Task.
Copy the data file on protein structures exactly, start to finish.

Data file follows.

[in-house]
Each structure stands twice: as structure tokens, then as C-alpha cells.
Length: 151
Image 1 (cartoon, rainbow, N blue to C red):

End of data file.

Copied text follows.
[in-house]
Each structure stands twice: as structure tokens, then as C-alpha cells.
Length: 151
Image 1 (cartoon, rainbow, N blue to C red):